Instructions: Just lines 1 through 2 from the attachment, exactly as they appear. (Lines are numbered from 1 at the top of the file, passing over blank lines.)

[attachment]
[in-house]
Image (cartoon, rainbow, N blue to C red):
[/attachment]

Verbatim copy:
[in-house]
Image (cartoon, rainbow, N blue to C red):